Marx's version of Kronosaurus is a rather strange (and innaccurate) depiction of this animal.
Not a dinosaur, Kronosaurus was actually a marine reptile known as a Pliosaur, a family of prehistoric marine reptiles that
included other creatures such as Brachauchenius and Leiopleurodon (of Walking With Dinosaurs fame). The Pliosaurs,
large reptiles with short necks and long skulls, belonged to the order Plesiosauria.
Kronosaurus was discovered in 1889 by a William Haslam Thomas in Queensland, Australia. It
was named in 1899 by A. Crombie. The animal "was described
by Dr. Longman, then Director of the Australian Museum, who assessed it as an ichthyosaur, but following the discovery of
other fragments he corrected his diagnosis in 1924." Longman named the creature Kronosaurus, after the Greek god, Kronos
Now, as you can see from the picture of the Marx Kronosaurus, the neck is most definitely
not short. We probably have our pal Rudy Zallinger to thank for this, for as with many other Marx figures in the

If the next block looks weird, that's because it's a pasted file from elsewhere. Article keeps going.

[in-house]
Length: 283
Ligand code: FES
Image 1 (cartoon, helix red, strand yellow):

prehistoric line, Krono is probably influenced by Zallinger's artwork. Kronosaurus appeared in Zallinger's painting done for
the Time Life book The World We Live in (ca. 1955) with a long neck and, for a Pliosaur at least, a stubby head.
This resulted in a figure that could much more easily pass for the Plesiosaur Cryptoclidus,
or maybe Macroplata (or any number of other, longer necked plesiosaurs). Why Zallinger painted the Kronosaurus
the way he did is a mystery to many...
Still, Kronosaurus is a well done figure (which goes without saying for all Marx figures).
He is stationery, however; no movement is indicated in the pose of this figure. He's just sort of "standing" on his flippers
here. I suppose there wasn't much of a way to make him look like he was swimming (MPC later copied this figure and seemed
to attempt a "swimming" pose, however--but it turned out looking more like he was walking).
Nonetheless, I have always held the Marx Krono near and dear to my heart. Probably has to
do with growing up in the pre-Jurassic Park Days...and with Zallinger's animals ingrained in my brain. They were
the first pictures I ever saw of most of these creatures, after all (yep, I am a nostalgic sap).